Yankee Girl said...

Both. Classics are (in my opinion) accessible, reflect and shape us/our time, and should be read because of quality and subject. Books are classics if they made/make an impression in their time period and continue to be read, re-read, and discussed--I think that re-read and discussed is the true and final key.

"To Kill a Mockingbird" is an excellent example of a classic that fits all of the above.

Of course all this really just echos what you have already so wonderfully said.

My favorite classic that I read last year: The Count of Monte Cristo.

My Library has booklets that they hand out containing lists of recommended classics (broken down by time periods--the last book being published in 2006), sci fi, fantasy, etc. that I try to include in my yearly reading but I can't wait to see what books are mentioned by your lovely readers.

Melanie said...

I think the cannon should be expanded. My (partial) definition of a classic is something that has a lasting impact on society. Harry Potter's influence cannot be denied, and I'm guessing that it will not be short-lived, so by this definition it definitely makes it into the cannon.

Science Teacher Mommy said...

Hm . . . I'm seeing a bit of a trend already. By the "impact on society" standard, we must also include Twilight. You can hardly escape the power that monsters have had on pop culture in the last few years, with little sign of the trend slowing. Meyer's books have spawned a slough of knock-offs and tv shows. Do we say that her's aren't the classics because they weren't FIRST? What are the thoughts there?

Mad Hadder said...

I refuse to live in a world in which the Twilight books are considered classics.

Science Teacher Mommy said...

Just playing devil's advocate, Mad Hadder (welcome, by the way, I don't think I've seen you comment here before; I obviously struck a chord). Melanie and Yankee Girl were both clear that popularity and cultural influence are only PART of the formula.

Janssen said...

I know, I know, it isn't free cupcakes or a pedicure or a fabulous dress from the Shabby Apple a la Seriously So Blessed, but you also didn't have to compete against 1500 desperate housewives in order to win.

Another point in your contest's favor is that you don't have to read Seriously So Blessed, either. Is it heresy to admit that, as a LDS married blogger, I loathe that blog with the fire of a thousand suns? So be it.

At some point, you really must read Wednesday Wars. That book is so terrific. Great list.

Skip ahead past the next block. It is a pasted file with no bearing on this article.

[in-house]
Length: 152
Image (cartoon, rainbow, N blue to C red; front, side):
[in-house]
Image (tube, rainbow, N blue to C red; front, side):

heidikins said...

A) Is it a faux pas to request your Classics List?

B) Please bless Twilight is not a classic...ever.

C) I also have issues with SSB

and D) (arguably the most pertinent to this post) I read a Bill Bryson book last month and hated it. Absolutely hated it...and it was on a subject (Shakespeare) that I love and adore and geek-out about regularly. I have ordered a second, highly recommended Bryson if that goes well I may be tackling your second pick. I'll let you know.


heidikins said...

Also--I think "A Tree Grows in Brooklyn" (Betty Smith), "Cry, the Beloved Country (Alan Paton) and "Angela's Ashes" (Frank McCourt) are must-read's for any well-read (or moderately well-read) adult. Those are classics to me.


Yankee Girl said...

Classics are read, re-read, and discussed (and that discussion must go beyond team Jacob and team Edward).

I agree with Janssen: you must read The Wednesday Wars.

Amy Sorensen said...

Hi. I followed Janssen's link because I wanted to read your list but found myself just reading your blog!

If Twilight is a classic then I must remove my eyeballs and never read again. I don't think that all classics immediately spark discussion in their social spheres. Plenty don't become popular until the author is dead. For me, it is a combination of 1---good writing (and just like that, voila, abracadabra, Twilight is off the list!) and ideas/themes/concepts that resonate. To stand the test of time and become a classic a book must have human issues that are also classics...the struggles that remain despite the setting or the time that produced the work.

I know it is written by a dead white guy, but my favorite, favorite classic is Tess of the d'Urbervilles. Holy cow I love that book. On a more modern bent: The Bell Jar.

Also, I am consistently bugged the poetry isn't ever on the classics list. Shakespeare always makes it even when the rest of the list is fiction, but I say you haven't lived (literature-wise) if you haven't read Rosetti's Goblin Market, or Keats' Eve of St. Agnes (dwg again, but really: ANYTHING by Keats!), or Anne Bradstreet or...well, enough.

(Hope you don't mind an exceedingly long comment from a complete stranger.